Tall Order

Think your downtown Spokane high-rise has a fire sprinkler system? Think again.

Jeff Ferguson

All it would have taken to put out a blaze on the sixth floor of downtown Spokane’s Chase Financial Building last month was a sprinkler system.

But that floor of the 15-story building didn’t have one, so Battalion Chief Bob Green ended up calling in firefighters from four stations to knock down what he described as one of the most challenging types of fires his employees face.

“I’m going to do a critique with the crews there, and the first thing I’m going to say is, ‘Wow,’” Green says. “You stopped a fire on the sixth floor of an un-sprinklered building. Unbelievable.”

Many high-rise buildings across downtown don’t have sprinklers in their upper floors. That’s because they don’t have to. And when a high-rise burns, firefighters often don’t know what kind of fire suppression exists until they get there.

“The [Chase] building, when it was constructed, was not required to have fire suppression except in the basement,” says Dave Kokot of the Spokane Fire Department. “Almost all the high-rises downtown do not have sprinklers in them.”

In 1995, Spokane adopted a fire code that required new buildings to have sprinklers installed, Kokot says. Prior to that, the code only required basements to have sprinklers in them.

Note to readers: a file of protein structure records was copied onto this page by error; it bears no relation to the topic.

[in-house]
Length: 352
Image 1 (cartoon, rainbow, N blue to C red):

Installing sprinklers in older high-rises can be an expensive proposition, requiring the installation of high-capacity pipes and pumps, says Larry Soehren, vice president of Kiemle and Hagood, which manages the Chase building.

Soehren says his firm is in the process of installing sprinklers in that building, aiming for one floor a year. But sprinklers can cost $5 to $10 per square foot, depending on the floor.

Last year, two bills were proposed in Congress to allow businesses to write off the cost of installing sprinklers in high-rises. Those bills have gone nowhere.

Had the firefighters not been able to contain the Feb. 19 Chase fire, and it began spreading, the only other option would have been to pull out and wait for the fire to burn itself out, says Assistant Fire Marshall Mike Miller. That could have taken two to three days, and the building could have been destroyed.

Miller says firefighters now rely on reports of a building’s fire safety systems, as well as legally required fire safety equipment like standpipes and fire doors, to mitigate fires. But they don’t always have time to read those while racing to the scene of a fire. And none are as effective as sprinklers.

“If we were interested in a building being safe, we would require them to be sprinkled,” Miller says. “But it’s a political process.”

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About The Author

Chris Stein

Chris Stein is a staff writer at The Inlander. He covers social services, downtown Spokane, Eastern Washington and Spokane city hall. His work has been published by the Associated Press, VeloNews and the Santa Barbara Independent. He was raised in the San Francisco Bay Area.